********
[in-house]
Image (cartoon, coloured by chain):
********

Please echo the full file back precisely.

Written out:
[in-house]
Image (cartoon, coloured by chain):